The toddler giggled and bounced on her mother’s lap. The flight attendant and her cart glided slowly down the narrow aisle. The gentleman to my right called out, “Whiskey!” She told him her cart had only tea and coffee. He looked confused.
What time would it be in Dubai? Or in Morocco, my home of the moment? What about in Nairobi, where my fiance’s family was waiting for me? I thought for a brief instant, then gave up on the math. In the air, time is suspended. On a thirty hour trip spanning three continents- Tangier to Madrid to Dubai to Nairobi- it doesn’t matter what time it is. There’s nowhere I could possibly go other than this plane and where it’s headed, no appointments I could possibly make other than our projected landing time, and my only clock, my cell phone, is turned off anyway. Until the wheels touch the runway, there is no such thing as time.
Except on New Year’s Eve, when wherever you are, even cruising at an altitude of 30,000 feet, you are pressed with a need to know what time it is, down to the very second, and so you latch on to the nearest time zone and find a way to count.
Diez… nueve… ocho…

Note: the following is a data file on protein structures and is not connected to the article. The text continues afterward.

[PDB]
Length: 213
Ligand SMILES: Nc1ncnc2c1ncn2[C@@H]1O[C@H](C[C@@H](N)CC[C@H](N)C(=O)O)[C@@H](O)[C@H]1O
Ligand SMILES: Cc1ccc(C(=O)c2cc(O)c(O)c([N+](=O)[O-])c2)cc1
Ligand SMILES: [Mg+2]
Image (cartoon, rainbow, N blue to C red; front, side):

The Spanish friends were standing on their seats, leaning on each other, touching the ceiling of the plane for balance, standing in the aisles. A blonde girl was passing out green grapes- to her friends, to strangers, to everyone who would take them.
Midnight struck. Not in Dubai, or Nairobi, or Boston, or Tangier, and probably not even in whatever place we were currently flying over, but in Madrid, it was midnight, it was January first, 2015. The Spanish friends were popping grapes into their mouths. Twelve green grapes, one for each stroke of midnight, twelve grapes for twelve months of good luck. Champagne glasses were clinking, people were hugging and kissing, a stranger hugged me, the elderly Chinese man was filming the Spanish revelers with one hand and waving one of his empty mini bottles with the other, a wide grin across his face, the baby was laughing, people were dancing on the seats of the airplane, cheering, laughing, dancing in the aisles. Flight attendants were telling everyone to sit down. No one was listening.
I wished my fiance was there so we could kiss on the stroke of midnight-in-Madrid and share this moment. I wished my friends and family were there so we could dance on the airplane seats and laugh together and tell each other happy new year thousands of feet above the ground. But I was also somehow strangely content. There was something peaceful about looking through the figurative windows at this moment of happy reveling, sparkling hats, green grapes, and joyous disregard for the concerned flight attendants urging everyone to sit down.